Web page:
A few months ago, I went to lunch with a friend. We’d both been crazy busy and were excited to have an opportunity to catch up. Over the course of two hours, we unpacked on life changes, shared personal challenges, and reflected on the growth that came from them.
Inevitably, our conversation turned to failure, a subject that my friend often struggles with. She’s far from alone—failure haunts us all, and it always amazes me how we can be so fearless in certain aspects of our life, yet so paralyzed when failure looms over our shoulder.
I say looms, because for many of us, failure has been (at one time or another) like a specter: a bogeyman intent on shattering dreams left and right like some pissed-off comic book villain.
My first significant encounter with failure came at the age of 26. I had been involved in theatre since the age of 5, so by this time it had been a part of my life for over 20 years. As a kid, I had the classic goal of every theatre nerd: Broadway or Bust. For over two decades I worked to make that dream a reality, encountering myriad small failures along the way. I weathered those because they were a means to an end. They made my skin tougher and my resolve stronger.
Then, at age 26, life presented me with a tough choice: my dream or my health. I had pushed myself so much to realize my dream that my stress level was off the charts. Even worse, I had neglected to keep my soul safe, sacrificing my well-being to pour everything into this grandiose idea of success and acceptance. As a result, I made myself lactose intolerant, my digestive system was a mess, and I was plagued by chronic headaches. I also watched my close friend and theatre mentor struggle with debilitating neck pain brought on by years of doing a million jobs to make ends meet in the industry.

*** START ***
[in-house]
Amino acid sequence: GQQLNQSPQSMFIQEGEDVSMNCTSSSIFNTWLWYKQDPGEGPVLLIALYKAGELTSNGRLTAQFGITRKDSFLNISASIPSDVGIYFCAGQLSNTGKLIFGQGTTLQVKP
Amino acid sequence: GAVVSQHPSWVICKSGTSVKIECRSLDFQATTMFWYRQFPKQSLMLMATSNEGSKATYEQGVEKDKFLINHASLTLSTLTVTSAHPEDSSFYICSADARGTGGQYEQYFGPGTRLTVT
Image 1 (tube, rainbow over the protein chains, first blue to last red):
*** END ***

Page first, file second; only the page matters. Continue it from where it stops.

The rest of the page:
With a heavy heart, I decided that no dream was worth making myself so sick, and I stepped away from theatre. Of course there were a number of other factors involved, but ultimately my health was the top driver. I was heartbroken. It was incredibly difficult not to see this decision as anything other than an admittance of failure.
Then a funny thing happened.
Over the next ten years, I steadily built a new career in the business world by drawing on the skills I gained from my theatre experience. I found other things that inspired me. Did they give me the same rush as live performance? Not necessarily, but that didn’t mean they were any less meaningful. I also found other creative outlets that I enjoy.
In business, a company’s approach to failure can often mean the difference between innovation and stagnation. Two weeks ago I wrote about the leadership lessons from Pixar found in Creativity, Inc. It’s important to note that failure is a key tenet of Pixar’s creative process. They expect it and welcome it, because they recognize that failure isn’t a specter, it’s a speed bump, however ugly it may seem. Pixar President Ed Catmull says:
In 2000, Dave Eggers published a book called A Heartbreaking Work of Staggering Genius (which is amazing, and you should read it). I’ve always loved the title, but I want to turn it inside out for a moment and ask: Without Staggering Failure, how would we find Staggering Genius?
Only when we separate fear from failure do we discover that it’s not the bogeyman we thought it was. Failure forces us to be brave. It pushes us to find the staggering genius in ourselves and live a fuller life. It might break our hearts, but it can mend them too.